Sunday, July 9, 2017

Shaping Your Landscape Step-by-Step #FantasyLandscape #DrawingTutorial #Step-by-Step

Today's step-by-step focuses on using basic shapes to create your fantasy landscape.  Instead of comparing two different examples, I'm sharing an example all the way from my first steps of creation to the finished piece in color.


SUPPLIES
Paper: This was drawn in my emnotes notebook.  The paper is similar to printer paper.
Ink Pens: Tombow Fudenosuke hard tip, Graphic Micron and Pigma Micron sizes .03 and .05
Color Marker Pens: Tombow Dual Brush Pens.  These pens have a brush nib end and a pen nib end. They are water-soluble and can be wet to use like watercolor.  For this drawing, I only used the brush nib and did NOT add water.
  • Colors used: Pale Yellow, Chrome Orange, Orange, Sand, Glacier Blue, Periwinkle, Orchid, Deep Magenta, Dark Plum, Dark Olive
Fantasy Landscape Step-outs used: Peacock 3 Plant, Scribble 3 Plant, Flipple 3 Plant, Fat Bird Two, Papa Bear, Bell 3 Plant

For a full list and links to Fantasy Landscape Step-outs, Step-by-steps, Step-wiselys and guide rules go here.

Step 1: Work out the composition, values and shapes

Scan 00-Mock up original for tracing
I'm not good at just visualizing what I want to draw and then drawing it.  So I start by just messing around with a vague idea in mind, not worrying about any rules or techniques.  Usually after 10-15 minutes of drawing, I have a pretty good idea of what I want. Then:
  • Using a pencil, I experimented until I had my shapes, values and a composition that works for this step-by-step.
  • I used the Fudenosuke hard tip to draw the shapes, the Pigma Microns to draw the details and the Graphic Micron to fill in the large dark areas. 
  • This first drawing wasn't quite right for what I wanted.  But it told me this:
    • The focal point of the drawing should be the space between the bear and the bird 
      • because they have faces and are of the most interest.
    • The peacock plant was too dark and didn't lead the eye anywhere.
    • The texture and detail was far too complex for the Fantasy Landscape series.
    • I came up with a texture on the cliffs that is new to me - I like it.
    • This drawing was good enough to tell me what I needed to do for this step-by-step.  Time to move on to step two.
Step Two: Trace and scan the drawing

Using my initial drawing, I traced each object on the page, a section at a time, scanning before I moved on.  Time consuming!  I traced the sections in the order that I originally drew them so they would overlap properly.

Scan 01-Pencil in Cliffs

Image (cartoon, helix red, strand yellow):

First I penciled in the cliffs, so I'd know where to place everything else.

Scan 02-Draw Flipple Plant

Then I drew the Flipple plant.  It loans itself to curving and I curved it to point toward the area between the bear and the bird.  I knew where that was because I had penciled in the cliffs.

Scan 03

After adding some general detail in the form of poodle plants, I inked in the first cliff.  Notice the overhanging grass and how the complexity in the cliff detail is greater on the inside edge.  I did this as a subtle way to move the eye toward the middle cliff.

I'm playing fast and loose with my lighting and shading in this piece.  I'm worrying more about how the values move the eye than whether they are in the correct place for realism.

Scan 04

I drew the peacock plant first.  In my original drawing I drew it too large so that it ended up going off the page and so that the left edge is almost exactly in line with the flipple plant.  These are both errors in terms of composition.  I meant to change it as I did my tracings and I forgot.  Rather than start over, I decided to keep it so you can see how this leads the eye off the page.  The fix would be to make the plant smaller so it clears the edge on the right and falls a bit below the flipple plant on the left.  The path for the eye was meant to be that you'd follow the flipple, fall down to the corner of the peacock where the points would push you up to the bird.

Scan 05
Now I added the bird, which is one of the items with the most interest in this drawing. I also added some filler detail in the form of more poodle plants.  If you wanted to keep your drawing really simple because that is your taste or you intended to add tangle patterns, the poodle plants are the kind of detail you would leave out.

Scan 06


I inked in the cliff, repeating the overhanging grass and complexity of cliff detail pointing to the third cliff.

Scan 07

Now I added the bear, the most important object in terms of interest.

Scan 08

I wanted lots of contrast around the bear and to push the viewer's eye back toward the bear, so I added a greater amount of detail and texture with lower interest value.  The plants could either be poodle plants or scribble plants.  I already know that I will scribble in texture with color so I'm calling them scribble plants.

Scan 09

The wide open space in the upper right seemed to draw the eye off the page, so I decided to add bell plants flowing down toward the bird and framing the bear.

Scan 10